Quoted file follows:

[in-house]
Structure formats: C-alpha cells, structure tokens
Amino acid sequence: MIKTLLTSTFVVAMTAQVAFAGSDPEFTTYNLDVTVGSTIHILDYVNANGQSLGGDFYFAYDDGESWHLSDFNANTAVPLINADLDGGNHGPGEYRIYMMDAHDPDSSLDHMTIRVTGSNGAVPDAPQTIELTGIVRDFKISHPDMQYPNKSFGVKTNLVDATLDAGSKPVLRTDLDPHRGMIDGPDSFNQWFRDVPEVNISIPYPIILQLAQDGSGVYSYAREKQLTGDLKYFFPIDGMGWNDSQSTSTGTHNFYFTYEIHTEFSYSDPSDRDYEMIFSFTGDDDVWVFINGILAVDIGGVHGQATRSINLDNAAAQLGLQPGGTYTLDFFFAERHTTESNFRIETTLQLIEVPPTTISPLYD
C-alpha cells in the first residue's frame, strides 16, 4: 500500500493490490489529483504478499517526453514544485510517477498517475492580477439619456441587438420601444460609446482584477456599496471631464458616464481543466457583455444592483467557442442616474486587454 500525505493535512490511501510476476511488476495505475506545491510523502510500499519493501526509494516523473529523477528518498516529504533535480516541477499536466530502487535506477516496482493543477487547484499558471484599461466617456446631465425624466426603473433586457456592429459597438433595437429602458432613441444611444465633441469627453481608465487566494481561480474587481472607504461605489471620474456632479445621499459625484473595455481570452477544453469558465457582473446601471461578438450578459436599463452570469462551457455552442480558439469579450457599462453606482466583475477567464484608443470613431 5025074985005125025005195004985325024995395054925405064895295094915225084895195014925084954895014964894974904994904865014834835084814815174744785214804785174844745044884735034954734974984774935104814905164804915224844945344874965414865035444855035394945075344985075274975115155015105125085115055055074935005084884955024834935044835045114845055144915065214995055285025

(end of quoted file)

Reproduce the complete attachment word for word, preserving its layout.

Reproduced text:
[in-house]
Structure formats: C-alpha cells, structure tokens
Amino acid sequence: MIKTLLTSTFVVAMTAQVAFAGSDPEFTTYNLDVTVGSTIHILDYVNANGQSLGGDFYFAYDDGESWHLSDFNANTAVPLINADLDGGNHGPGEYRIYMMDAHDPDSSLDHMTIRVTGSNGAVPDAPQTIELTGIVRDFKISHPDMQYPNKSFGVKTNLVDATLDAGSKPVLRTDLDPHRGMIDGPDSFNQWFRDVPEVNISIPYPIILQLAQDGSGVYSYAREKQLTGDLKYFFPIDGMGWNDSQSTSTGTHNFYFTYEIHTEFSYSDPSDRDYEMIFSFTGDDDVWVFINGILAVDIGGVHGQATRSINLDNAAAQLGLQPGGTYTLDFFFAERHTTESNFRIETTLQLIEVPPTTISPLYD
C-alpha cells in the first residue's frame, strides 16, 4: 500500500493490490489529483504478499517526453514544485510517477498517475492580477439619456441587438420601444460609446482584477456599496471631464458616464481543466457583455444592483467557442442616474486587454 500525505493535512490511501510476476511488476495505475506545491510523502510500499519493501526509494516523473529523477528518498516529504533535480516541477499536466530502487535506477516496482493543477487547484499558471484599461466617456446631465425624466426603473433586457456592429459597438433595437429602458432613441444611444465633441469627453481608465487566494481561480474587481472607504461605489471620474456632479445621499459625484473595455481570452477544453469558465457582473446601471461578438450578459436599463452570469462551457455552442480558439469579450457599462453606482466583475477567464484608443470613431 5025074985005125025005195004985325024995395054925405064895295094915225084895195014925084954895014964894974904994904865014834835084814815174744785214804785174844745044884735034954734974984774935104814905164804915224844945344874965414865035444855035394945075344985075274975115155015105125085115055055074935005084884955024834935044835045114845055144915065214995055285025